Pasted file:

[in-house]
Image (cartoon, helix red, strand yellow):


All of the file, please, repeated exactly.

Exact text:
[in-house]
Image (cartoon, helix red, strand yellow):